Texas Latinos declare 100 days of resistance against sanctuary city law

Texas Latinos declare 100 days of resistance, in front of the Governor's Mansion on May 15, 2017 (Nexstar Photo/Rachel Glaser)
Texas Latinos declare 100 days of resistance, in front of the Governor's Mansion on May 15, 2017 (Nexstar Photo/Rachel Glaser)

AUSTIN (NEXSTAR) — American citizens and undocumented immigrants gathered outside the Governor’s Mansion Monday to kick off 100 days of resistance against Senate Bill 4, which would ban sanctuary cities across the state.

“We have message for Gov. Abbott — if you come for our families, we are going to come for you and vote you out of office,” said Margarita Arroyo, who lives in Austin and is the daughter of immigrants.

Gov. Greg Abbott signed SB 4 into law last week but the fight to stop the legislation continues. The 100 days of action includes efforts to register Latinos to vote and protests in Austin and Dallas against Texas’ new sanctuary city ban.

“Which not only targets undocumented immigrants in our community but discriminates against Latinos. As a brown-skin woman I can be asked and harassed about my citizenship,” said Analicia Banales, a U.S. citizen and resident of Corpus Christi.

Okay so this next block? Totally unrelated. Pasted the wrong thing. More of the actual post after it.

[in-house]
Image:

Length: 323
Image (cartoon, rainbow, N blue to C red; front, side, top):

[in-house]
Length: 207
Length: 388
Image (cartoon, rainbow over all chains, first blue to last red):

The Lubbock Republican who authored the bill, State Sen. Charles Perry, said police are not required to ask a person’s immigration status, but the new law makes it legal for them to do so in the course of an investigation.

State Rep. Brooks Landgraf, R-Odessa, said SB 4 is about “law and order,” to offer consistency across the state and to stop local sanctuary city polices that he believes promote illegal immigration.

“We are a nation of immigrants but we want to make sure that those who are immigrating to the U.S. legally get their first place in line and we don’t want that to be undermined by illegal immigration,” Landgraf said.

The law also requires local law enforcement agencies to enforce federal immigration detainers and local jails to hold alleged criminals in the U.S. illegally for possible deportation.

Dallas Democrat, State Rep. Rafael Anchia, said the law demonizes immigrants and all 40 percent of state’s population who identify as Latino.

“We are going to fight it in court, we are going to fight it with marches, and then we are going to fight it with our vote because this SB 4, this hateful and discriminatory bill is unacceptable,” Anchia said.

El Paso County Commissioners voted Monday to hire a law firm to lead legal action against the state over SB 4. Legal teams at non-profit organizations around the state are also preparing to fight the law in court.

In a written statement, a spokesman for the governor’s office said, “Texans of all walks of life, including Latinos, want the same thing as every other Texan – safety and security in their communities – and that’s what this bill does by keeping dangerous criminals off of our streets.”

The governor’s spokesman, John Wittman, continued, “If critics had a genuine interest in assuaging the concerns of citizens, they would resist the urge to resort to fear-mongering as it relates to Senate Bill 4.”

He also implied opponents are distorting the facts about the law to drum up concerns. The sanctuary city ban goes into effect Sept. 1, 2017.

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